If you plan on staging the entire house, furnish the eat-in kitchen with a small, round table covered with an attractive table cloth that flows to the floor and add two chairs. Place a silk plant in the middle of the table.

In the bath try several of these suggestions:

* Place a silk plant on the tank.

* Remove outdated window coverings and replace with a simple valance.

* Cluster sweet-smelling soaps in a basket or bowl.

* Mound potpourri in a dish.

* Hang mountains of fresh towels that match the room's color scheme.

* Do not display any personal hygiene items, cleaning implements, trash can, tissue paper, area rugs or toilet-seat warmers.

* Remove or replace the shower curtain.

The living room

If your home is a high-end property located in a highly desirable neighborhood, you'll create more impact by staging the living and dining rooms of your home. In other properties you can get by without doing this, but you'll increase your chances of attracting a buyer if you do. Let your time schedule, your pocketbook and your intuition be your guide on this one.

You can create vignettes in these rooms using your own furniture or by renting. If you decide to use your own, the furnishings must be in style and in excellent condition. Ask yourself if you can live without these pieces until the house sells.

In the living room, you will want to suggest a comfortable seating area that helps the potential homeowner feel at home. Do this with as few pieces of furniture and accessories as possible. The arrangement and number of pieces will depend on the size and shape of the room, but keep these guidelines in mind:

* Upholstered pieces should be in coordinating fabrics.

* Color-coordinated pillows must be clean.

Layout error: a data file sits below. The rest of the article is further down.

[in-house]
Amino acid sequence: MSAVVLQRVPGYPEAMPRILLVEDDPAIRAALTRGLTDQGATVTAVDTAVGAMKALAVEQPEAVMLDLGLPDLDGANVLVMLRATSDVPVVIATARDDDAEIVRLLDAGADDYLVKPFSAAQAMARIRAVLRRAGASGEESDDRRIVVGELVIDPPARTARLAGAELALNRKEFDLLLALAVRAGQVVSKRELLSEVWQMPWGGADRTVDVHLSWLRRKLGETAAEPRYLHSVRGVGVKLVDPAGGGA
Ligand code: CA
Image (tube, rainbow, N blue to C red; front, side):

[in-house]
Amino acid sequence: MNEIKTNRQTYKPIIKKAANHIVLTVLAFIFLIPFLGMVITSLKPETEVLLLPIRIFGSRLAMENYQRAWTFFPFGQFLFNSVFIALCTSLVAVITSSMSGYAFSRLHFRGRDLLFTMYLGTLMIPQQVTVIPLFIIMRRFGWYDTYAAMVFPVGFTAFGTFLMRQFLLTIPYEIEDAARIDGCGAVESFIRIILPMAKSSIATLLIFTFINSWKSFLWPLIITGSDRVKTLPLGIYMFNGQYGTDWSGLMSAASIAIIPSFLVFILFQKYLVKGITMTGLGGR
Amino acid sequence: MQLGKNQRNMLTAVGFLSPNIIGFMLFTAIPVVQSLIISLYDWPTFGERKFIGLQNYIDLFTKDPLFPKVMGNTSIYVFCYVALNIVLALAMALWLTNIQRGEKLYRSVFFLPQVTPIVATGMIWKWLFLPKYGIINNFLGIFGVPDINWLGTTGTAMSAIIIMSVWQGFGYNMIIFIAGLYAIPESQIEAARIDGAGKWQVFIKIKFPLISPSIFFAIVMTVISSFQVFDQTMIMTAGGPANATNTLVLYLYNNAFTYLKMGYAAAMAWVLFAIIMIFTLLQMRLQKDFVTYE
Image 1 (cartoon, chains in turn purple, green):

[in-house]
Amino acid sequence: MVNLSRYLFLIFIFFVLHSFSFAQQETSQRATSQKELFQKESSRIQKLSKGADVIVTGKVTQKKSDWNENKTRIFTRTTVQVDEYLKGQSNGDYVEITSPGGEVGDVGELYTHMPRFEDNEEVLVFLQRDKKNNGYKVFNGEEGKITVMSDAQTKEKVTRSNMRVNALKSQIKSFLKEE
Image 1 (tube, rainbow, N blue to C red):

* End tables and coffee tables may match, but don't have to.

* Table lamps should match, or at least be of the same height.

* Hang one to three pieces of art that coordinates with the room's other furnishings.

* No clutter -- leave three to five large-scale accessories out on the coffee table (don't bother with the end tables), such as a blooming orchid, coffee-table book, candlesticks, bowl or vase.

* Use a few silk plants (with no flowers).

* Clean out the fireplace and lay a few logs in it.

Other areas of the house

If you have a large back yard or patio, add warmth by leaving out a table (with matching umbrella, if you have one) and four chairs -- but only if they're fresh looking. A smaller yard looks inviting with a pair of matching chairs and a small end table between them.

Most realtors agree that bedrooms, utility rooms, garages and hallways need no special staging. Save your energy for the kitchen, bathrooms and living room!

Taking the time and spending some money to stage your vacant home is a worthwhile investment. Thoughtfully choosing what to leave behind as you pack, and perhaps even renting a few pieces of furniture could mean the difference between a quick sale of your home, versus a lingering stay on the market.

Kit Davey, allied member, ASID, is a Redwood City-based interior designer who redecorates by rearranging what you already have. You can call her at 367-7370, e-mail her at [email protected], or visit her Web site at